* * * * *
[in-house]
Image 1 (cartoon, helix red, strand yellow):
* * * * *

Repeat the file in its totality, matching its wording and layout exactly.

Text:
[in-house]
Image 1 (cartoon, helix red, strand yellow):